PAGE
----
HMRC has climbed up the creditor ladder & regained its preferential status
HM Revenue & Customs (HMRC) has regained its preferential creditor status for insolvencies that commenced on or after 1 December 2020.
What does this mean?
Generally, asset realisations are paid out to the following classes of creditor in the order below:
- secured creditors with a fixed charge;
- insolvency practitioners’ fees and expenses;
- ordinary preferential creditors (employees);
- secondary preferential creditors;
- prescribed part creditors;
- secured creditors with a floating charge;
- unsecured creditors; and
- shareholders (for insolvent companies) or individuals (for personal insolvency cases).
HMRC previously ranked alongside unsecured creditors. However, from 1 December 2020, HMRC joined the Financial Services Compensation Scheme as a secondary preferential creditor in relation to outstanding taxes ‘paid’ by employees and customers that are held by the business on its behalf. This includes: unpaid VAT, income tax, an employee’s national insurance, student loan repayments and Construction Industry Schemes. This change does not affect taxes for which a company is primarily liable, such as corporation tax.
The result of this is that in an administration or liquidation, HMRC has moved up the ladder as to who gets paid first, going from seventh in line to fourth in line. It has ultimately ‘jumped the queue’ and is now paid ahead of secured creditors holding a floating charge (regardless of when the floating charge security was effected) and ahead of unsecured creditors (such as suppliers) for any formal insolvency process commenced after 1 December 2020.
Why has this change been brought about?
This measure marks a change from the current approach and sees a partial return of the so-called ‘Crown preference rule’, which had been abolished by the Enterprise Act 2002.
These reforms have been in the pipeline since the government’s Autumn Budget 2018 and the legislation was enacted in the Finance Bill 2020. They were due to come into force from April 2020 but this was pushed back to 1 December 2020, likely as a result of the coronavirus pandemic.
The main reason for this change is to boost Treasury takings. HMRC has stated in its policy paper that this change will ensure that “when a business enters insolvency, more of the taxes paid in good faith by its employees and customers, and temporarily held by the business, will go to fund public services rather than being distributed to other creditors”.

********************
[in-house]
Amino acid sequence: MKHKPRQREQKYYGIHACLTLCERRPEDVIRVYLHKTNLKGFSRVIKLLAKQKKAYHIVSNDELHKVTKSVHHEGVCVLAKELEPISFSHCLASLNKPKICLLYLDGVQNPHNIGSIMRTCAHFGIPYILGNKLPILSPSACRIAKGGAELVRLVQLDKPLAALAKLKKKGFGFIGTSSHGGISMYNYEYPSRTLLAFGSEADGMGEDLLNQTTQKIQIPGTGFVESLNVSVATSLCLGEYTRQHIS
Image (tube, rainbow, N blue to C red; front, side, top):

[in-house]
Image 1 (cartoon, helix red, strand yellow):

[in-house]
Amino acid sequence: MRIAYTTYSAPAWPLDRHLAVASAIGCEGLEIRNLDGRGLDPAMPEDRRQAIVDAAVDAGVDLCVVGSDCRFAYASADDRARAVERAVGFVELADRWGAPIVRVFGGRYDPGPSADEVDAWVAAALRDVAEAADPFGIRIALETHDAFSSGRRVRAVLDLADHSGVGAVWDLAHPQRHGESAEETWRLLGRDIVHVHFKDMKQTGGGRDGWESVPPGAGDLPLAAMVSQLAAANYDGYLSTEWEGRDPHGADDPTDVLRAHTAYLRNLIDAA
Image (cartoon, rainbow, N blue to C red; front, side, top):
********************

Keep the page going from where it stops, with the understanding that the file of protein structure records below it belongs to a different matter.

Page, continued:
What will be the Impact?
The reforms have been highly criticised by those in the insolvency profession and it is thought that they will have a wide ranging impact.
This is because those secured creditors with a floating charge will have found that HMRC’s claims in respect of the above taxes will now take priority. The assets used in a floating charge are usually current assets such as stock, receivables or cash. The effect of the preference may well mean that the value of a lender’s security may have been depleted, or at least substantially reduced, overnight.
The true impact of the reforms will become apparent in the coming months with corporate insolvencies predicted to increase. We set out below our predictions on some of the practical implications for businesses as a result of the reforms.
Due to the increased lending risks and reduced security value, it is thought that lenders with floating charges may deal with their increased risk by authorising fewer business loan applications and/or increasing the cost of business borrowing in general. Lenders with floating charges may also seek to reduce overdrafts or foreclose on existing facilities.
In addition, lenders may introduce more rigorous reporting requirements for borrowers in respect of their HMRC position and/or ask borrowers to pay part of their VAT liabilities early. This is especially important in the current economic climate, which has seen many postpone their tax liabilities in response to the pandemic and many businesses will have higher tax debts than normal due to the coronavirus support measures introduced by the government.
Lenders may consider whether additional security can be obtained from borrowers, or whether fixed charge security may be more appropriate. This could include obtaining further personal guarantees or charges over company directors’ houses.
Furthermore, given that HMRC can be one of the largest creditors in an insolvency, moving up the rankings means that it will receive funds that would previously have been shared equally among unsecured creditors. This may, in turn, have a ‘ripple’ effect on suppliers. Accordingly, suppliers as well as lenders are likely to tighten the terms under which they do business with a company because they may be worried about getting less back if a company fails.
Lastly, there is also the question of whether HMRC will support future company voluntary arrangements when they may now get a higher immediate return from putting a company into liquidation.
How can Ellis Jones help you?
If you believe you have been or may be affected by the above reforms, please do not hesitate to contact the Banking and Finance Litigation Department. We have substantial experience in dealing with claims and complaints against banks and financial institutions.
Please contact Laura Lammond, William Fox Bregman, or Paul Kanolik of our Banking and Finance Litigation Department on 01202 525333 or via an email at Laura.firstname.lastname@example.org, William.email@example.com or Paul.firstname.lastname@example.org with your enquiry.